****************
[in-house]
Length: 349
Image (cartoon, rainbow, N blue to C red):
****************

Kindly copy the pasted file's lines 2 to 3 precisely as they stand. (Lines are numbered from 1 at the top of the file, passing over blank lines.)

Length: 349
Image (cartoon, rainbow, N blue to C red):